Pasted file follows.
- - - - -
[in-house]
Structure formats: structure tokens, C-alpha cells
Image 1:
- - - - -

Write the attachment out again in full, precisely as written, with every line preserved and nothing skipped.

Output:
[in-house]
Structure formats: structure tokens, C-alpha cells
Image 1: